The Reformation – 3 Must-See Places That Tell the Story


It was five hundred years ago on October 31, 1517 that a pious monk known as Martin Luther posted a challenge to church hierarchy on the castle church door in Wittenberg, Germany. It was one of those rare events in history that has a dramatic effect on everything that follows.


And now, with celebrations going on throughout the land of Luther, the time is right to follow the steps of the man who shook the world of western religion at the end of the Middle Ages. Here are some highlights you don’t want to miss.


Wittenberg.  Luther was given a permanent post at Wittenberg University in 1512. Here, he grew more and more disturbed by the selling of indulgences by the priesthood, leading ultimately to the posting of the 95 theses. To his surprise, Luther’s pamphlets on faith and salvation by grace quickly went viral due to the latest technology, the printing press. Ironically, the early financial success of the printing press came from the printing of thousands of indulgences for the church.

By 1522 the Reformation could no longer be contained, and Luther made Wittenberg his permanent home. He lived here with his wife and children, relatives and staff. The house is now a UNESCO World Heritage site. Besides the castle church, you’ll also find the town church here, where Luther preached on many occasions.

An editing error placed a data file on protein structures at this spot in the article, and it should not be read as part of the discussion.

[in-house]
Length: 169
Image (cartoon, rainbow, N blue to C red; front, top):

Eisleben.  This is the place where Luther was born and also ended his days. The house where he died is now a museum that depicts German lifestyles between the Middle Ages and the modern era. This house, and the one where he was born, both enjoy UNESCO World Heritage status. But Eisleben was also home to other influential scholars and artists, waiting to be discovered as you visit.

Wartburg Castle.  This imposing castle, high on a precipice overlooking the town of Eisenach, is the place where some friends brought Luther secretly to escape a wrathful sentence following his trial at Worms. In the months Luther remained in hiding he translated the New Testament into German. This not only allowed common people to read scripture for themselves (rather than hearing it read in Latin), but also helped to unify the German states into a nation with a common language. Wartburg is another important World Heritage site to check off on your bucket list.

Anyone interested in European history, especially church history, would benefit greatly from one of the many tours being offered in this anniversary year of the Reformation. Let us use our many industry contacts to craft a visit that would perfectly fit your needs, whether you like to travel at your own pace or with a group. Germany will show you so many places that will surprise and amaze you that I’m sure you’ll find that one visit isn’t enough.

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